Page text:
LEEDS United have revealed that a deal to sell the club to GFH Capital is “very close” following further talks between the two sides in the past few days.
A joint statement published by both parties on United’s official website said GFH Capital had “provided the Leeds United owners and management with the necessary proof that it has the funds available to close this transaction.”
Discussions about a buy-out have been ongoing for more than five months, and the delay in securing a deal raised repeated questions about GFH Capital’s ability to fund its proposed takeover.
The Dubai-based equity firm has invested at least £2million in the club since opening negotiations in May but it is still to finalise a 100 per cent purchase of Leeds City Holdings, the parent company of Leeds United.
Today’s statement read: “As an obligatory part of this stage of the talks, GFH Capital, which has already provided £2m to the club with further funds available, has now provided the Leeds United owners and management with the necessary proof that it has the funds available to close this transaction.”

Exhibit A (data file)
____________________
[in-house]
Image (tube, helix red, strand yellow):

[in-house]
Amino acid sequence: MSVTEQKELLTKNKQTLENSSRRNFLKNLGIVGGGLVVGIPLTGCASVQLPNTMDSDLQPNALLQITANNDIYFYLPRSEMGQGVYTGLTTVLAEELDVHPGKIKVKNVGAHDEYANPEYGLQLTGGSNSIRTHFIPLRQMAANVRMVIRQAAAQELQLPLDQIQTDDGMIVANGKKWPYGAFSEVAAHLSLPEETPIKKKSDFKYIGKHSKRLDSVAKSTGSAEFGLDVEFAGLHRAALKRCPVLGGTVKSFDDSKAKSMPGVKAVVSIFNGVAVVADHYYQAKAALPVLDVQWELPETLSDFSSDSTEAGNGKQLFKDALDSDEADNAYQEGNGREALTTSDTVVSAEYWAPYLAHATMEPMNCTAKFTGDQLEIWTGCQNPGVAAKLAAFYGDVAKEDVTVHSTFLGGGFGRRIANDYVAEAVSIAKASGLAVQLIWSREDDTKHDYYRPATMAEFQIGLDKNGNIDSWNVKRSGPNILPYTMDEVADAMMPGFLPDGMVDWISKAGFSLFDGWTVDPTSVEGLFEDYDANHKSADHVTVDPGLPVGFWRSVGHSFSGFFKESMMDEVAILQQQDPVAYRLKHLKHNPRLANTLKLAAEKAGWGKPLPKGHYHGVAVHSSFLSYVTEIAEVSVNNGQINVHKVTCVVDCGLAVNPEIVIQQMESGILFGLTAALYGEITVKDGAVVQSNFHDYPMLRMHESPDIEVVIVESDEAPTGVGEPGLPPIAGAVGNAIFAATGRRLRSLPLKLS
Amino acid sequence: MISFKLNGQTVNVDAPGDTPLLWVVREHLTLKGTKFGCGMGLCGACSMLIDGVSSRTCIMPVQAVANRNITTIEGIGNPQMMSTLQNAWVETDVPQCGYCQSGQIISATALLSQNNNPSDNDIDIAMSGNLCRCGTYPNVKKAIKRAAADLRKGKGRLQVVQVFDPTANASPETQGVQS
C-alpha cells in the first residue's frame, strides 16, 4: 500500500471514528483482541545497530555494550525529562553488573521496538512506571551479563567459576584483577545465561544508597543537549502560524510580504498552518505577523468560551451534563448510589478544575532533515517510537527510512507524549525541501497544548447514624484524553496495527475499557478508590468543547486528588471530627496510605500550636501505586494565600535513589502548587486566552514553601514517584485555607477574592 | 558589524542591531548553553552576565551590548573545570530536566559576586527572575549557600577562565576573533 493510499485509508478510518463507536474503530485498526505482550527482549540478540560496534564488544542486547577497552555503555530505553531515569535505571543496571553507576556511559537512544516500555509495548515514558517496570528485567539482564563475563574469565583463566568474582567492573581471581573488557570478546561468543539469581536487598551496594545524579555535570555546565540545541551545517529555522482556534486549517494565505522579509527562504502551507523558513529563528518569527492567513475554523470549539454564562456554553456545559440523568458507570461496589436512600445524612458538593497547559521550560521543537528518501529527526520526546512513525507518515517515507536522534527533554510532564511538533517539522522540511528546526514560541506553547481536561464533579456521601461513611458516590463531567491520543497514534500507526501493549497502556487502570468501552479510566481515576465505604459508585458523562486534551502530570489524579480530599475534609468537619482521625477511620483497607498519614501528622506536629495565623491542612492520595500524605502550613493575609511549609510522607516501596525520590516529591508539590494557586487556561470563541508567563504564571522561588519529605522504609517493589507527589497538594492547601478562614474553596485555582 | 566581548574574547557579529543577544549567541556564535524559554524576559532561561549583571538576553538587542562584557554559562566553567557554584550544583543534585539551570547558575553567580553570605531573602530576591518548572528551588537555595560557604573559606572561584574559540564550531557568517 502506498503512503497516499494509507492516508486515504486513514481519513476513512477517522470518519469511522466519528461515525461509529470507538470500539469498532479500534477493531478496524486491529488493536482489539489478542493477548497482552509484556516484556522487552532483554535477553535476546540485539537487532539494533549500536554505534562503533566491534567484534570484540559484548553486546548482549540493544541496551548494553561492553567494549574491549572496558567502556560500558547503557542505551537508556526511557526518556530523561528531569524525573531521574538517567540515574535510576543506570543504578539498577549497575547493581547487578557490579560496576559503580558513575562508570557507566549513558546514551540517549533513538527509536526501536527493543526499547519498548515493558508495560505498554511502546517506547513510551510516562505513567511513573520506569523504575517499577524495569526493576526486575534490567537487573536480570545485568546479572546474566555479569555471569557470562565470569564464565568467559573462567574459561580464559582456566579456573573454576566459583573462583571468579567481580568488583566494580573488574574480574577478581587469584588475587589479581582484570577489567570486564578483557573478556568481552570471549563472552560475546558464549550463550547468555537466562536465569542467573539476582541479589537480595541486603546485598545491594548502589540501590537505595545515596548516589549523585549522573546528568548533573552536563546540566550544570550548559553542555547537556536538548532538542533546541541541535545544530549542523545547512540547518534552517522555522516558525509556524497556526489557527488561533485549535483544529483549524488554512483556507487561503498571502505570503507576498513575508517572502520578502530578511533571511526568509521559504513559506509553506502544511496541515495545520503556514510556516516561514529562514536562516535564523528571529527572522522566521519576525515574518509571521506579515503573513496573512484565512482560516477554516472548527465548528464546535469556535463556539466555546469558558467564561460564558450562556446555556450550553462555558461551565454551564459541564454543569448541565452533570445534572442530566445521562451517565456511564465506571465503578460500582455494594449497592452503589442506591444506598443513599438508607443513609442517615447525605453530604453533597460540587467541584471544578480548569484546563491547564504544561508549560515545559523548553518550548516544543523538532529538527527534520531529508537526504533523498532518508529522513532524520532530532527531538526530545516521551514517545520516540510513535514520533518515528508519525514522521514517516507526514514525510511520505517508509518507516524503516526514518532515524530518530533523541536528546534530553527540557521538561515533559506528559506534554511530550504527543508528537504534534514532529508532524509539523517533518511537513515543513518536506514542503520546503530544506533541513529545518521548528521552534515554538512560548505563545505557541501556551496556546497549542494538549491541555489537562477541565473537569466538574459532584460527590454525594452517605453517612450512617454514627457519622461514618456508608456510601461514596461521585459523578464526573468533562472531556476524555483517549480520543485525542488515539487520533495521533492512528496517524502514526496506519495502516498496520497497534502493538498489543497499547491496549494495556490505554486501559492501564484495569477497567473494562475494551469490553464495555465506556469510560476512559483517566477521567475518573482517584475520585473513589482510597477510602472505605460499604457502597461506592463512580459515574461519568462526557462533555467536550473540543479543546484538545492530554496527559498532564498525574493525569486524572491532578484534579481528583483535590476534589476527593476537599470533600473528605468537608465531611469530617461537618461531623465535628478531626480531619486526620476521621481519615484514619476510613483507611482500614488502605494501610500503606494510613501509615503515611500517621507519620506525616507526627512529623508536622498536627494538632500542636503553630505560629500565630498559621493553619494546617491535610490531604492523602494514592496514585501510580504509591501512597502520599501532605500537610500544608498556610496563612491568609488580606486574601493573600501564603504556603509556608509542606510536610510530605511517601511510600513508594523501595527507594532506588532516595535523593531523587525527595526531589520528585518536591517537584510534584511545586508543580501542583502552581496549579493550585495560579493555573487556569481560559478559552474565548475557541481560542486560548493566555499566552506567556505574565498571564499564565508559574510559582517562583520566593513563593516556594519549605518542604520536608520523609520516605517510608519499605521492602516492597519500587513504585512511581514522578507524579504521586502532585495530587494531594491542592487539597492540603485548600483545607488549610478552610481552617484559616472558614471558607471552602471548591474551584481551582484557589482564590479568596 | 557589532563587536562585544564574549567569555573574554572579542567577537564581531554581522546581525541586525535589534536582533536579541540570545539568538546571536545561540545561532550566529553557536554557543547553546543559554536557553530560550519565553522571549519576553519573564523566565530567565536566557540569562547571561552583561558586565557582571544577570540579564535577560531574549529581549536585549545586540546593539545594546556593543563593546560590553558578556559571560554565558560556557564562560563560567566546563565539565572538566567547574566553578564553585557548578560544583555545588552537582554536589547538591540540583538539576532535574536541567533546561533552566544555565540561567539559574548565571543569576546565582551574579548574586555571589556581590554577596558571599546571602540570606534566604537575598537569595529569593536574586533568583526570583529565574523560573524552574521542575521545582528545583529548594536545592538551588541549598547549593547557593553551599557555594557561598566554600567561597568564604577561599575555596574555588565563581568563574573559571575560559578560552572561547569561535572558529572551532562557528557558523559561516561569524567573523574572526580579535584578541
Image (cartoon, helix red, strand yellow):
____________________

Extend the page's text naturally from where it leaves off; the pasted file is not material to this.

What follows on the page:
United chairman Ken Bates, who currently owns a 72.85 per cent stake in Leeds, said: “It’s been a long road but we are in a good place. Both sides have been in talks over the last few days to finalise this deal. We are keeping focused and hope to complete very soon.”
David Haigh, the deputy chief executive of GFH Capital, said: “With the money in place, we are poised to make this deal happen pending agreements and arrangements which are in the interests of the future of Leeds United - we need to make sure all the finer detail is addressed before trading signatures.”
“Despite what has been said recently in media, both sides continue to talk regularly and continue to work hard to get the job done.”
GFH Capital director and chief investment officer Salem Patel added clarification that the operation of the club would not be hindered by Shari`ah law, owing to GHF`s Islamic background, saying: “We understand there is some concern related to how Leeds United would be run under our stewardship.
“It remains important to be clear that Shari’ah law will not hinder this transaction, nor will it affect the future operations of the club.
“Our intention is to provide investment which will facilitate a successful and sustainable future for Leeds United on and off the pitch.”
Former Chelsea chairman Bates, 80, who took control of Leeds in 2005, has become increasingly unpopular with a growing number of fans due to a perceived lack of investment in the playing squad.